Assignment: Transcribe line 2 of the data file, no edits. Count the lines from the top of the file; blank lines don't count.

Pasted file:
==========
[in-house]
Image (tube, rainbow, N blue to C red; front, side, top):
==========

Image (tube, rainbow, N blue to C red; front, side, top):